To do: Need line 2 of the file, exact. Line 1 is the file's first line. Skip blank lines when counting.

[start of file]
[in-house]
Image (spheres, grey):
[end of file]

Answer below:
Image (spheres, grey):